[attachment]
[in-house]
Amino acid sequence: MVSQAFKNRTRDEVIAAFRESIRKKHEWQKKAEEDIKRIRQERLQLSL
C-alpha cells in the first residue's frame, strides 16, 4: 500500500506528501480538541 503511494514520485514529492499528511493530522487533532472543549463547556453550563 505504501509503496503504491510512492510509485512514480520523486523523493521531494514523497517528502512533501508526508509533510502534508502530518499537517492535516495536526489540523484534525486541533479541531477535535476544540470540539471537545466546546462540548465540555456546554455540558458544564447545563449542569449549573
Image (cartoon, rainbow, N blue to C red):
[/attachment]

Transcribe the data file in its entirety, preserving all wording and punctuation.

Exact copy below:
[in-house]
Amino acid sequence: MVSQAFKNRTRDEVIAAFRESIRKKHEWQKKAEEDIKRIRQERLQLSL
C-alpha cells in the first residue's frame, strides 16, 4: 500500500506528501480538541 503511494514520485514529492499528511493530522487533532472543549463547556453550563 505504501509503496503504491510512492510509485512514480520523486523523493521531494514523497517528502512533501508526508509533510502534508502530518499537517492535516495536526489540523484534525486541533479541531477535535476544540470540539471537545466546546462540548465540555456546554455540558458544564447545563449542569449549573
Image (cartoon, rainbow, N blue to C red):